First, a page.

Acumen Law has done a study on acid reflux and chronic burping to expose a potential flaw in administering a roadside breathalyzer.
Lawyer Kyla Lee says an independent research company surveyed 800 adults.
“To determine how often they experience something called acid reflux, which is either regurgitation of stomach contents into the mouth or frequent burping or belching. We found about 38% of people in B.C. experience this either frequently or occasionally.”
Why is this important?
“It is important because what happens when you burp or you regurgitate is you bring alcohol that is undigested in your stomach into your mouth and it can cause false readings.”
She says all it takes is a minute amount of undigested alcohol to potentially skew a breathalyzer result.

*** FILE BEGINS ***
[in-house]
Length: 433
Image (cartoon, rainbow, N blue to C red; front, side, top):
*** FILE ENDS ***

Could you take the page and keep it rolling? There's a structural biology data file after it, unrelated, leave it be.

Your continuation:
Lee says it means roughly a third of the population is at risk of a false positive breathalyzer result.
She says breathalyzers need to be administered properly roadside.
“If you go for testing at the police station in a criminal investigation they do a criminal investigation they do an observation period for 15 minutes before each sample to make sure none of this happens. But roadside they just threw all of that out the window.”
Lee says this new evidence could be used in individual challenges of individual drunk driving convictions or in a constitutional challenge of the law itself.